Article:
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THE CONFLICT IN IRAQ

An Elite Iraqi Unit Waits, With Sadr in Its Sights

The U.S.-trained troops, modeled on the Army's Special Forces, are an early success story.

August 19, 2004|Edmund Sanders | Times Staff Writer

NAJAF, Iraq — If the time ever comes to oust Shiite cleric Muqtada Sadr from the gold-domed Imam Ali Mosque, Lt. Hassan will be riding the first wave of the assault.

A bald, 34-year-old Iraqi living at a barren U.S. military camp north of Najaf, Hassan is part of an elite, U.S.-trained military unit -- modeled on the Army's Special Forces -- that arrived here a week ago to help put an Iraqi face on efforts to quash Sadr's militia.

Hassan is also a Shiite Muslim. As he's trained in 115-degree heat and blistering sandstorms for a mission that may never occur, Hassan -- who didn't want his full name used -- has been grappling with whether he can participate in an attack on a mosque that his religion considers one of its holiest places.

Ultimately, he decided his first duty was as a soldier.

"Sadr has stolen the mosque, and we must take it back," the lieutenant said. "I respect the mosque. I don't want to damage it. But if somebody shoots at me, I will shoot at them, even if they fire from behind the wall of the mosque. If they order me to go into the mosque, there's no question I will go."

As the conflict with Sadr's Al Mahdi militia has grown, one question has been whether Iraqi forces were up to the task. In recent days, hundreds of Iraqi army and national guard troops have been pouring into the Najaf area from all over the country.

Facing his biggest challenge, Iraq's interim prime minister, Iyad Allawi, has gambled that the nation would accept an attack on the mosque as long as Iraqi forces led it.

But the reputation and performance of Iraq's fledgling forces have been spotty at best.

Hundreds refused to fight with the U.S. in Fallouja in April. In Najaf last week, efforts by Marines and the Iraqi national guard to conduct joint raids had to be canceled when guard troops failed to show up.

It's no wonder the Iraqi government is pinning its hopes on Hassan's unit, formerly called the 36th Battalion of the Iraqi Civil Defense Corps and now known as the Iraqi Commando Unit.

The unit is described as a rare success story in the U.S. effort to rebuild Iraq's security forces. When other Iraqi troops fled Fallouja, the Commando Unit stayed and fought, even when one of its leaders was killed.

Trained by about three dozen Special Forces advisors, it has completed dozens of raids and covert missions, specializing in mosques, prisons and other sensitive sites where foreigners stand out.

"These guys are battle-tested," said one U.S. military advisor, who did not want to be identified. "They're not training anymore. They are actually doing the tricks. If anybody can do this, these guys can."

The unit was cobbled together eight months ago using the best soldiers from various private militias, particularly the Kurdish peshmerga, and Iraqi security forces.

After screening for physical fitness, mental aptitude and past ties to the Baathist Party or Saddam Hussein, the troops were based at a U.S. camp in Baghdad and now travel around the country as needed.

Many of the unit's leaders are ethnic Kurds who cut their teeth fighting Hussein and Ansar al Islam, a terrorist group in northern Iraq.

"That's the reason they're so good," said Maj. Bob Pizzitola, executive officer of the 1st Battalion, 5th Cavalry Regiment. "After all the things they went through under Saddam, they take this stuff personally."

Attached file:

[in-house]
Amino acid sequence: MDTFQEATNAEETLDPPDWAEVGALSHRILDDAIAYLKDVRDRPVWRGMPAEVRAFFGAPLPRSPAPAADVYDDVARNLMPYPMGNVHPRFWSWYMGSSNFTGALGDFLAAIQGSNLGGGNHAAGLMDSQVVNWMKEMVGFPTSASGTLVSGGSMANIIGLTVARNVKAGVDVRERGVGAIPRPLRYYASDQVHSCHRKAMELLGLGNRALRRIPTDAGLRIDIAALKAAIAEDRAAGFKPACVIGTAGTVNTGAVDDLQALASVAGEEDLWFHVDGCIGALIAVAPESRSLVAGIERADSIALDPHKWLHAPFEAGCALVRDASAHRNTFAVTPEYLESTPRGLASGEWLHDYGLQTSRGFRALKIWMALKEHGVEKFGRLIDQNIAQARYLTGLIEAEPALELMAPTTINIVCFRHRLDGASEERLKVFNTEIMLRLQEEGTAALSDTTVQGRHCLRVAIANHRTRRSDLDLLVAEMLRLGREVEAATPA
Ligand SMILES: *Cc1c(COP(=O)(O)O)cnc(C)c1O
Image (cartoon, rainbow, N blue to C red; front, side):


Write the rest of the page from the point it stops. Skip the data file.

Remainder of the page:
Farhad Haji Omar, a commander with the unit, served most of his life in the peshmerga, living in the mountains of northern Iraq. Since joining the commando unit, he's able to see his family only about five days a month, but he said he was proud of the work he was doing.

"We are sacrificing ourselves so the next generation will not have to suffer like we did," Omar said.

The heavy Kurdish makeup of the force has stirred controversy and ignited ethnic tensions. In Fallouja, Sunni Muslim residents bristled last spring when Kurds arrived to restore calm.

U.S. officials insist that the force is now ethnically and religiously diverse, with Shiites, Sunnis and Kurds.

Faced with their toughest assignment yet, officers of the unit, which totals about 450, expressed confidence that they could take on Sadr's militia, which they dismissed as "a gang." Iraqis have played a role in devising a possible attack on the mosque, they said, though they declined to be specific.

"If they can't solve this problem in the political way, we'll solve it in a military way," said Capt. Masood Salih, 24.

Since arriving in the desert camp, the unit has been training and drilling daily in urban warfare tactics, using tents as stand-ins for city buildings and practicing how to quickly launch -- and halt -- an aggressive raid.

Last week, the unit conducted a dress rehearsal of sorts when it raided a small mosque in Kufa where Sadr militants had been storing weapons.

Several dozen Iraqi commandos stormed the Saleh Mosque in a small fleet of white Land Rover Defenders. A subsequent gun battle killed 12 militants and led to the capture of another 12. There were no other casualties.

Waiting about a block away was a U.S. Marine unit prepared to offer help if the Iraqis needed it. Capt. Samuel Carrasco with the 1st Battalion, 4th Marine Regiment, has provided such backup to Iraqi national guard units several times.

"And they usually need it," Carrasco said. But during the mosque raid, the Marines held their positions.

"They didn't need our help," Carrasco said. "That's the first time I've seen that happen."

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